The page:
Vancouver Olympic Logo: A Smiling Marker Of Death? So, what's the deal with that smiling pile of rocks used as the logo for the Vancouver Games? It's a stylized version of an inukshuk, the stone cairns built by the Inuit people of the Canadian Arctic. But an expert says traditional inukshuks don't use the human form — unless you want to mark the spot where someone has been killed.

Vancouver Olympic Logo: A Smiling Marker Of Death?

  • Download
  • <iframe src="" width="100%" height="290" frameborder="0" scrolling="no" title="NPR embedded audio player">
  • Transcript


You're listening to ALL THINGS CONSIDERED from NPR News.

The official logo of the Vancouver Olympics is a pile of rocks, a smiling pile of rocks. It's a stylized version of an inukshuk, a kind of cairn - a pile of stones - built by the Inuit people of Northern Canada. The symbol was meant as a tribute to Arctic culture. But as NPR's Martin Kaste reports, with these winter games, even rocks can become controversial.

MARTIN KASTE: There's a new unofficial demonstration sport in Vancouver this year.

(Soundbite of rocks)

KASTE: It's rock balancing. Precarious piles of stones have been popping up all over the shore near the Olympic Village. There are dozens of them, some as tall as four feet.

Unidentified Woman: We took a picture with them and then we decided to build one.

KASTE: These girls, up visiting from Seattle, are building theirs in the shape of the Space Needle. Canadian Tracy Neimeyer is taking her stack of rocks a little more seriously.

Ms. TRACY NEIMEYER: I think there's something spiritual about it.

KASTE: As a good Canadian, Neimeyer knows that these rock piles are actually an imitation of the official logo of the Vancouver Olympics, which in turn is an imitation of the inukshuks built by the Inuit people of the Arctic. But you don't have to be Inuit, she says, to feel the urge to stack rocks.

Ms. NEIMEYER: It's almost a meditative practice to get them balanced. Like, you can see some of the ones that you wonder how they stand. That's a meditative practice to get those things balanced like that.

Mr. PETER IRNIQ: They're fake inukshuk. They're fake.

KASTE: Peter Irniq knows his inukshuks. He's Inuit, born and raised in an igloo, and more recently he was a high-ranking official in the government of the Arctic territory of Nunavut. These days he builds authentic inukshuks for museums. He says the real meaning of the inukshuk is pretty straightforward. It's all about survival.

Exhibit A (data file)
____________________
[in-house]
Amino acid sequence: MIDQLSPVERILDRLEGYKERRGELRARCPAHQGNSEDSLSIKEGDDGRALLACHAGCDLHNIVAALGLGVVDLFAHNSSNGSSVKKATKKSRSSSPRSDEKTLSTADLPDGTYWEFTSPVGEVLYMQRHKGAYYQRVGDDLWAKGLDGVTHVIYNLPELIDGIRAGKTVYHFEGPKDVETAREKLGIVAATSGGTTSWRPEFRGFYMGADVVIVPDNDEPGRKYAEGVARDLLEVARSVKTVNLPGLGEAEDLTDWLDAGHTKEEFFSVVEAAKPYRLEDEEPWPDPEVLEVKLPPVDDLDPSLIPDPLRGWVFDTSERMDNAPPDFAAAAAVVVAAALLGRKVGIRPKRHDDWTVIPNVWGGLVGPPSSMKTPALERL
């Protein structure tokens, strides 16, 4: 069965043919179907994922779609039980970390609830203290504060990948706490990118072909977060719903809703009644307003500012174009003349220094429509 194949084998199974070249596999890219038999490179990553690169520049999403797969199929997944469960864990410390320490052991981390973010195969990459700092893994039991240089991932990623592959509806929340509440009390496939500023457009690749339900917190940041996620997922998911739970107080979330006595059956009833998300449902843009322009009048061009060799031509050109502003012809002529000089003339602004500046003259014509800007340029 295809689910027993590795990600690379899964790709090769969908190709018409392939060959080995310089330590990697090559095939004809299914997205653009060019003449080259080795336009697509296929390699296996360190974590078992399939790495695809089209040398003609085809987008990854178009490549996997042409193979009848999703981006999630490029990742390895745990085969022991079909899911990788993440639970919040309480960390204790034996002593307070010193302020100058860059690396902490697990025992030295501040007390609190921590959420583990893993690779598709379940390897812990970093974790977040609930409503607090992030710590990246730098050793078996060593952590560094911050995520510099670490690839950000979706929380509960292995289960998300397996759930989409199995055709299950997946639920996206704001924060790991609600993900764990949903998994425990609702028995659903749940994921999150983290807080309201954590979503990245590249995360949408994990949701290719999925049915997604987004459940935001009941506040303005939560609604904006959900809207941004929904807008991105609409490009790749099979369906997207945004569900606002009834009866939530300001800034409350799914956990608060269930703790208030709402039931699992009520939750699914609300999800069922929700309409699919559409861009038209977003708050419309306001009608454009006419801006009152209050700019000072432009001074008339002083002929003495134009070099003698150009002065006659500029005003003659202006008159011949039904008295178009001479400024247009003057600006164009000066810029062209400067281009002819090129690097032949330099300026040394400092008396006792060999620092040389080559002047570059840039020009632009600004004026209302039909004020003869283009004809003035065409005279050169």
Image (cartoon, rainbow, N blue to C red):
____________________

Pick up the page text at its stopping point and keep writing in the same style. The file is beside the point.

Mr. IRNIQ: These inukshuks, which is plural - three or more - are always built in areas of good hunting for caribou, good hunting for seals and for good fishing spots.

KASTE: Sometimes the inukshuk includes a little window to help point out the good hunting ground. But what inukshuks don't usually come with, Irniq says, is arms and legs and a head, like the Olympic logo.

Mr. IRNIQ: Traditionally that's called inuwuop(ph), which means imitation of a person. It's a symbol about the fact that someone may have committed suicide or someone had murdered somebody at that particular spot. So, Inuit don't build these very much at all.

KASTE: He says if people want to see an example of an inukshuk that's not associated with violent death, they might want to check out the flag of his home territory of Nunavut.

Meanwhile, Vancouver's forest of mock inukshuks keeps growing. And even though they're not exactly authentic, they do enjoy a certain level of cultural respect. Again, Tracy Neimeyer.

Ms. NEIMEYER: I've never actually had the nerve to do it, but I've seen people take them apart to see if they were glued or not. Like, I wouldn't do that to somebody else's balancing rock, right?

KASTE: And in this, Neimeyer has something in common with her Arctic countryman.

Mr. IRNIQ: My mother used to tell me when I was a little boy not to knock down inukshuit. If you do, you may shorten your life. So, be careful.

KASTE: It's good advice in any culture. When in doubt, leave that pile of rocks alone.

Martin Kaste, NPR News.

Copyright © 2010 NPR. All rights reserved. Visit our website terms of use and permissions pages at for further information.

NPR transcripts are created on a rush deadline by an NPR contractor. This text may not be in its final form and may be updated or revised in the future. Accuracy and availability may vary. The authoritative record of NPR’s programming is the audio record.